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April 01, 2023

Microsoft’s plans for Windows 12

Microsoft plans to make Windows 12 a more modern operating system (OS) with faster updates, improved security and integration of artificial intelligence.

That’s what sources familiar with the software giant’s development plans for the upcoming operating system reportedly told Windows Central’s Zac Bowden.

Bowden, known for his accurate early reporting on early and unreleased Windows features, said Microsoft was working on a project called CorePC, a modular and customizable variant of Windows that will be compatible with different devices.

CorePC is expected to be the underlying architecture for Windows 12, codenamed “Hudson Valley.”

The major difference between CorePC and existing Windows architecture is that it is state-separated.

Status separation enables faster updates and better security through read-only partitions that users and third-party apps cannot access. This is similar to how Android and iPadOS function.

In contrast, existing versions of Windows write all data, including system files, user documents and application files, to a single writable partition.

Microsoft previously worked on a state-separated architecture with Windows 10X for dual-screen devices, part of a now-canceled project called Core OS.

windows 10 x

While that initiative focused on building a lightweight version of Windows from the ground up, CorePC strips Windows down to its core functions – with different levels of features designed for specific usage scenarios.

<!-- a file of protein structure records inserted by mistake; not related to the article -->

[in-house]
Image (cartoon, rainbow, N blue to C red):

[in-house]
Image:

Bowden said his sources argued that this version of Windows could really compete with ChromeOS in terms of storage capacity, performance and efficiency.

One version of CorePC designed for elementary school computers can only run the Edge browser, Web and Android apps and the Office suite and is currently being tested.

Another iteration supports the full set of Windows features, but with state separation enabled.

For older apps that require a shared-state operating system, Microsoft is developing a compatibility layer called Neon.

Following Apple’s lead, Microsoft is also testing a CorePC variant that Bowden described as “silicon-optimized.”

It focuses on reducing legacy overhead, artificial intelligence (AI) capabilities and vertically optimized hardware and software experiences.

Among the AI capabilities currently under development is a feature that will allow Windows to analyze content being displayed and provide contextual cues to quickly launch projects or apps based on that information.

In addition, the AI can identify subjects in photos and allow users to cut and paste them for use elsewhere.

Windows 12 is expected to launch in 2024, but it remains to be seen whether it will be delivered with CorePC as the underlying architecture.

Source: mybroadband

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